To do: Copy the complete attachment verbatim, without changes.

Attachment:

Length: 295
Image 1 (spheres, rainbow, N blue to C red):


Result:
Length: 295
Image 1 (spheres, rainbow, N blue to C red):